Welcome to the Autumn 2018 edition of the Kresen Kernow e-newsletter. We hope you all had a good summer, and enjoy reading what we've been up to.
The Archives and Cornish Studies Service Team
Construction work is continuing to go well on the Kresen Kernow site. The historic Brewhouse and the new archive store and staff areas have now been linked internally and across the roof, so the huge temporary cover over the central section of the building has come down. Much of the external scaffolding has also been removed, finally revealing how the finished building will look. It’s a mix of repaired and repointed original granite and stonework, and modern concrete cladding (on the strongrooms), all under a roof that echoes that of the Brewery when it was last in use. Inside, the original granite flagstones have been re-laid in the exhibition area in the Brewhouse and many of the internal walls are being plastered. The final layer of flooring has been poured in the archive store rooms and our 14 miles of shelving is currently being installed. We’ve been busy choosing wall colours, carpets, desk and work top finishes, as well as finalising designs for the exhibition spaces.
Our existing sites - Cornwall Record Office and the Cornish Studies Library - closed earlier in September to free staff up to prepare our collections for the move. We have around 1.5 million items to move, which includes over 100 000 books, 40 000 maps and 220 000 photographs and postcards. Needless to say we have plenty to keep us busy over the next few months!
Events and Activities Update
We've had a busy time of it lately as earlier in September we closed Cornwall Record Office and the Cornish Studies Library for the final time. We marked both closures with cream tea events for invited guests, and David Thomas gave his final tour of the Record Office strongrooms which, after 54 years of use, are really overflowing. Although our collections are currently unavailable for public access, we are still running an enquiries and copies service. For more information please visit our website.
In September we also welcomed visitors to the Kresen Kernow site for free hard hat tours to see the latest progress with the building. They were able to admire the vast strongrooms, skylight with a chimney view and really see how the spaces fit together and the centre will work. There will be more tours in the new year, visit our What's On page or find us on social media to keep most up to date with future events and activities.
While we are closed staff are busy packaging our collections in preparation for the move. We've got 1.5 million items to move, so staff and volunteers are wrapping fragile volumes and delicate maps to prepare them for the journey. We'll be covering some of this work on social media so do find us on Facebook, Twitter and Instagram @kresenkernow if you are interested.
Just as we prepare to move out of the Record Office we received a new accession from a former neighbour! The Truro County School for Girls (and successors) occupied the site where Sainsbury’s is now from 1906-1993. Included in the donation are 17 school magazines covering 1923-1962. These report on the broad range of activities on offer to the girls including sports, Brownies and Guides, music and drama. Other pieces include poems, stories and diaries written by pupils and news of former staff and 'old girls'. They show how widely the girls travelled with places visited including North Wales, Yorkshire, Austria, France and Engelberg in Switzerland where they went up a mountain in a cable car (collection reference AD2580).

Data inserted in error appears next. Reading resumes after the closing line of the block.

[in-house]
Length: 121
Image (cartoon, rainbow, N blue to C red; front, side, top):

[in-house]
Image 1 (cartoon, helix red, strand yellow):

Two new titles at the Cornish Studies Library have a Falmouth connection. Osborne's: Falmouth's unique photographic family by Peter Searle (published by National Maritime Museum Cornwall, 2018), tells the story of the Falmouth Osborne family who were leading photographers for four generations spanning 100 years. The book gives an insight into their lives and highlights a selection of images from the family’s photographic collection recording the life of Falmouth from the 1870s to the 1980s. The Osborne Studios were at Arwenack Street from 1873 to 1984 and the family's images cover street scenes, harbour life and events including the arrival of the circus to the town with elephants and camels parading through the streets from Falmouth Station.
Falmouth Lifeboat: 150 years of saving lives at sea 1867-2017 by David Barnicoat and Simon Culliford (published by Falmouth RNLI, 2017) is a well-illustrated book celebrating the people and lifeboats that are part of the history of the Falmouth Lifeboat Station. Covering the Station's century and a half of operations, it details all the lifeboats that have served there, from the first called 'The City of Gloucester' (1867 to 1887) to today's lifeboat, 'Richard Cox Scott', which began service in 2015, as well as coxswains and rescues.
As we close the Record Office after 54 years, it seems a good opportunity to look back on one of the men who started it all.
As a social historian and proud Cornishman, Alfred Kenneth Hamilton-Jenkin played an integral role in the campaign for a Cornish record office. Today our collections include not only Jenkin’s invitation to the Record Office’s opening event, but also his 1964 lecture notes on the importance of preserving old documents. Originating from Redruth, Jenkin had always had a particular interest in Cornish mining practices. After graduating from the University of Oxford in 1922, he began his scholarly career, producing works and lectures on various aspects of Cornish life. His publication ‘Mines and Miners of Cornwall’ is considered among his most significant.
Jenkin was also a founding member of the Cornish Gorseth. Not only did he write about Cornish distinctiveness, he also campaigned to preserve it and believed a record office for Cornwall was a vital part of this, as outlined in his 1964 lecture. Kresen Kernow continues to build on these aspirations.